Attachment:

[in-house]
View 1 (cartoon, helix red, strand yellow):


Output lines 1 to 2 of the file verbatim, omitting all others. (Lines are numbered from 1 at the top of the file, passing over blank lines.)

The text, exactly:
[in-house]
View 1 (cartoon, helix red, strand yellow):